Olympic perspectives: ECU professors, students on the Beijing games
(Aug. 4, 2008)
The world’s attention will turn to Beijing, China, this month for the 2008 Olympic games.
While scholars debate what that means for China and the world, they tend to agree that the games are about more than athletics; they’re about politics, too.
Faculty and students from East Carolina University who study China or once called it home offer their perspectives on the 2008 Olympics.
Zhe Lu, a student in the anatomy and cell biology department at Brody School of Medicine, remembers the “jubilancy” of the Chinese people when the country first learned it would host the 2008 Olympics.
“It is a milestone for us,” said Lu, a native of Zhejiang Province, China. “I think some people around the world still know little about China. All they know is poverty, underdevelopment. However, China is developing very fast. Now, she is much more modern.”
Lu said the Olympics provide an opportunity to showcase those changes, and the Chinese are excited to help. University students are training now to volunteer at the games. Residents watch a special TV channel dedicated to Olympic news and display mascots and flags on their cars and homes, Lu said.
Christine Avenarius, an ECU anthropologist who studies China, noted the “pride” involved with hosting the games. Now that China has become stronger economically and in world influence, it can show the world, “look we are an equal player again,” she said.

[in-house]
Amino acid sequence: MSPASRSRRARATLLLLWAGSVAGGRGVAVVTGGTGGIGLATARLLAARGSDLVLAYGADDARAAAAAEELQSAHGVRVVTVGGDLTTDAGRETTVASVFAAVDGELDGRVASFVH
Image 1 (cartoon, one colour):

Avenarius pointed to the development and diversity of China’s cities and the optimism among its people as positive signs. “You can’t help but be in awe,” she said. “It’s one of the most dynamic places in the world right now.”
Yuhong Wang, a native of China who now teaches in ECU’s construction management department, said, while the Chinese are proud to host the games, the impact will not be as great as some expect.
“It’s a common thought of international scholars that this is a way for China to show off its economic progress. I don’t think that’s really the case,” he said.
Wang said the Chinese are more confident about their place in the world, thanks to the country’s economic development and a shared view that they are moving in the right direction. “They do not worry as much about how the Western world views them,” he said.
Even so, John Tucker, director of ECU’s Asian studies program, said the Olympics offers China an opportunity to televise that progress to the world.
He called it “an enormous public relations opportunity.” Media coverage could help Western viewers update their view of China by replacing memorable images of the 1989 Tiananmen Square protest with a “new layer of memory” from China today.
The lead-up to the Olympic games has not been without controversy. Some have criticized the Chinese government on human rights issues and for actions in Tibet.
Derek Maher, an ECU professor who studies Tibet, had an interesting perspective this summer when he met Tibetan refugees abroad and heard their take on the Olympic games.
“The (Chinese) government is in a tough position, in a way,” Maher said. “They want to be seen as an open country, and they are in some ways, but not all. It is a police state that controls access."
Media are welcome to contact the professors and students quoted in this press release for interviews. To get in touch with them, e-mail or call Christine Neff at firstname.lastname@example.org, 252-328-1159.